65
    Already sold it, and my buddy who's landlady it goes to says he's got the Torx in question. Suddenly, it became not my problem But thanks anyway! Substandard hardware is one of my LEAST favorite forms of 'security features'.

  6. #6
    Member
    Join Date
    Apr 2004
    Location
    Atlanta, GA
    Posts
    215
    All compaq hardware used to use torx screws. Some other manufacturers started to, but then went back to regular screws or the now-ever-present "hex-head/philips-head" combo, or even better: thumbscrews.

  7. #7
    Junior Member
    Join Date
    Apr 2004
    Location
    Peoria, IL, US
    Posts
    65
    Had an 'interesting' case one time that all the cards just kind of sat in place, then you push/turn/align a locking bar over the top of all of them (the case tabs that is) then screw down the locking bar. Interesting in theory, but would allow "sway" from the cards. Maybe if there were detents where the screws should have been? Oh well, score one for 6.45 sec/boxen saved on labor for individual screws.

  8. #8
    Member
    Join Date
    Apr 2004
    Location
    Atlanta, GA
    Posts
    215
    I've seen that kind of setup on some server cases, and 2 or 3 desktop cases. It's a neat idea, and saves a little time.

    Much better than some of the new server case designs I've been working with. Machines that require extra screws, both inside from the top and from the bottom of the case in order to swap the hard drive --- not good for server uptime.

  9. #9
    Junior Member
    Join Date
    Apr 2004
    Location
    Peoria, IL, US
    Posts
    65
    Just to swap a drive? That sounds like crap-tastic. The locking bar idea seemed good in concept. However on the case I have, either bad engineering, or poor application made a decent concept, a pain in the real world. Usually comes down to the bar not lining them up right, and then you've got loose boards. Scary! And that is why I'll be studying for my EE starting again this fall. So I can make stuff that doesn't suck!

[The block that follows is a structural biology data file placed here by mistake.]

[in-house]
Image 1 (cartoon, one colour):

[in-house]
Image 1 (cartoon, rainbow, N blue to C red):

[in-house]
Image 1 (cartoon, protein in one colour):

10. #10
    Member
    Join Date
    Apr 2004
    Location
    Eugene, Oregon
    Posts
    207
    HP used to be a really, really bad offender in terms of computer cases that you couldn't break into (at least very easily.) I had a HP Pavilion 8560C and I wanted to upgrade the RAM. In order to do so I had to pry off the outer casing with a hammer (I'm not making this up), then dismantle the entire chassis that held the drives just to get at the memory slots on the motherboard. It was a nightmare.

    Dell does a great job these days making easy-to-modify PCs. I think they realized that it's all commodity hardware anyway so making it difficult to get at the plumbing is just going to piss off potential future consumers.

    Mr_Sfstk8d, fight the good fight! Down with stuff that sucks! :mrgreen:

Similar Threads

  1. Beware!!
    By in forum General Chat
    Replies: 21
    Last Post: 03-20-2004, 02:01 AM
  2. Life in general (beware rant)
    By CP in forum General Chat
    Replies: 2
    Last Post: 06-26-2002, 11:56 PM
  3. Patch question (beware: newbie ignorance!)
    By bafalouk in forum Linux - Software, Applications & Programming
    Replies: 6
    Last Post: 06-18-2002, 02:27 PM
  4. Beware planetwolfenstein.com!
    By JimH in forum Linux - General Topics
    Replies: 2
    Last Post: 04-30-2002, 04:11 PM
  5. Lurkers beware
    By paradox in forum Announcements and Suggestions
    Replies: 1
    Last Post: 12-02-2001, 03:20 AM

Bookmarks

Posting Permissions

  • You may not post new threads
  • You may not post replies
  • You may not post attachments
  • You may not edit your posts
  •